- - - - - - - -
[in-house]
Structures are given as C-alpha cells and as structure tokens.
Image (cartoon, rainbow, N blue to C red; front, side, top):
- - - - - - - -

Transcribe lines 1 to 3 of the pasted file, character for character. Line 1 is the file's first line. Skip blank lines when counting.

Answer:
[in-house]
Structures are given as C-alpha cells and as structure tokens.
Image (cartoon, rainbow, N blue to C red; front, side, top):